Why Landmarking the Twig and Leaf has Nothing to Do with Food

Built in the early 1960s, the Twig and Leaf Restaurant has for generations been a familiar feature of the Bardstown Road/Douglass Boulevard intersection, commonly referred to as “Douglass Loop.” The building’s unique location, juxtaposed among the various architectural styles of the area, showcases the simplistic details and craftsmanship of the period. The Twig and Leaf restaurant is a symbol of continuity and cultural heritage, a valued, iconic structure and, in my opinion, worthy of an Individual Landmark designation.  
The vernacular architecture (built without the intervention of architects) of the Twig and Leaf restaurant is influenced by the midcentury modern design aesthetic and represents one of the most dynamic periods of structural innovation in U.S. history, stemming from an abundance of new materials and technologies available after the second World War. Recognized as a significant design movement circa 1933-1965, midcentury modern architecture emphasized vertical and horizontal lines with ample windows and open floor plans, blurring the boundaries between indoor and outdoor spaces. Its focus centered on simplistic detailing using various materials such as glass, metal and concrete and was less formal and vastly different from the ornate architecture of previous eras. Architects and designers of this period valued function as much as form and this philosophy was executed best in the designs of commercial architecture.
The Twig and Leaf restaurant’s large, glass windows, often referred to as a “glass curtain,” allow natural light to flow into the space and the interior of the structure to be displayed and viewed from the outside. This feature mingles both interior and exterior spaces and is typically the most prominent design aesthetic of this style of commercial architecture.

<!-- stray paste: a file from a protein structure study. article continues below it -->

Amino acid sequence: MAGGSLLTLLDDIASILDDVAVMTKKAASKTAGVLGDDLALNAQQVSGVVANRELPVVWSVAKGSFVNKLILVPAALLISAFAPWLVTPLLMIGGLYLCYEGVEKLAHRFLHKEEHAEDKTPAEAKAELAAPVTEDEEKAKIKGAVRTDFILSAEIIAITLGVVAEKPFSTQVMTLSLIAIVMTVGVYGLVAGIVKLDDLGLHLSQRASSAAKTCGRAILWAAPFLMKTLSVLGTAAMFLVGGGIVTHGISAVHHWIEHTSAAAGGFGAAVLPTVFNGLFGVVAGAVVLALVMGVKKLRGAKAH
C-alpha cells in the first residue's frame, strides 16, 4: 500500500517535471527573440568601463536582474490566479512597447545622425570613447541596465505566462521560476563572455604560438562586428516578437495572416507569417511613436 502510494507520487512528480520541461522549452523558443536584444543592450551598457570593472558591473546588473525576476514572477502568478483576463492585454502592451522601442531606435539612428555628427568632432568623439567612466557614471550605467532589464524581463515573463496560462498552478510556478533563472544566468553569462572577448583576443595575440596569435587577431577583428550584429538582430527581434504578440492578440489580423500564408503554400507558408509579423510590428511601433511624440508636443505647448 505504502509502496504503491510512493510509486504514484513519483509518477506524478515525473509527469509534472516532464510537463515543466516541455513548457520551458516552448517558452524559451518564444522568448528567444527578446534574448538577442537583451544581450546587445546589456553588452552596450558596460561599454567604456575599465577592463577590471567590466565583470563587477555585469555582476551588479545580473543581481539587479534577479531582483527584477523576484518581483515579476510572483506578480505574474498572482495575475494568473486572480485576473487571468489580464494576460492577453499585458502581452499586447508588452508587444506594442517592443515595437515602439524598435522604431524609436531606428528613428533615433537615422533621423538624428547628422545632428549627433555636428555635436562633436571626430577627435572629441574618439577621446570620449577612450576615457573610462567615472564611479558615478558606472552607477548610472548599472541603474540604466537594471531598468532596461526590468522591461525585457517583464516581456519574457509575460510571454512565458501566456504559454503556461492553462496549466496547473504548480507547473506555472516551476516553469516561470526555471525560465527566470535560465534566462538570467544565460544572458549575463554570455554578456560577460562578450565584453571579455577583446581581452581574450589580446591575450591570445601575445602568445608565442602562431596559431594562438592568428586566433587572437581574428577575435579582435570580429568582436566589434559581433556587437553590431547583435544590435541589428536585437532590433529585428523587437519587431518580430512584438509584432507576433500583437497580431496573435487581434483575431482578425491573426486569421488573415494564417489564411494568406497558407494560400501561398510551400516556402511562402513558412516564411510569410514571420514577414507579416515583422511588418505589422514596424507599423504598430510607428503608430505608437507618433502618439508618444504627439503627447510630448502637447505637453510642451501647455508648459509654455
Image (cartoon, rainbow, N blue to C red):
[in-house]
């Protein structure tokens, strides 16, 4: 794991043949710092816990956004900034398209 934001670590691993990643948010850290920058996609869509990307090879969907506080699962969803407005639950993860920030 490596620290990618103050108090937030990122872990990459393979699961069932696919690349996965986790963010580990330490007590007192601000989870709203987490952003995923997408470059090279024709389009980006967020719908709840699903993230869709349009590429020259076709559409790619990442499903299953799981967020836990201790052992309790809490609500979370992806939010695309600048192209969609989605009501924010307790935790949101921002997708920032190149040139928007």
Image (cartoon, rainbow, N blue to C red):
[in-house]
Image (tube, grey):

Likewise, the building’s low horizontal roof line and wide overhanging eaves sharply contrast with its vertical walls, constructed of glass, aluminum and concrete block. This feature allows the shape of the structure to become a primary detail and eliminates the need for unnecessary ornamentation. The eaves, constructed of corrugated metal, add further visual interest to the overall composition and function as a protective awning. This feature, unlike the fabric awnings of previous architectural periods, allows the interior and exterior views to remain unobstructed while shielding the structure from sunlight and rain.  
The landscape planter located along the front of the structure serves as a bulkhead, establishing the relationship of the building to the ground, helping to facilitate the indoor-outdoor connection. Created from mnn(a long and narrow brick typically favored for its exaggerated horizontal dimension), this feature adds visual texture to the overall feel of the structure, allowing natural elements essential to midcentury modern design to be integrated into the space for more than purely decorative purposes.
At night, the architectural style of the Twig and Leaf restaurant becomes even more noteworthy as its cornice is prominently outlined in pinkish-red neon.  Sometimes referred to as “The Light of the American Dream,” neon was introduced to America in the 1920s. Revered for its vibrant, colorful glow in both day and nighttime settings, it was first used in advertising and quickly became a staple of American culture. Architects and designers often used neon to accent the form of a structure, enhancing its design and visibility from far away. Neon was most commonly used in post signs and marquees, and in the 1950s became somewhat of a calling card for diners and drive-in movie theaters. The beloved “Twig and Leaf: Tops in Food” sign is a prime example of this trend and is typical of how post signs were used in suburbanized settings to capture the attention of motorists.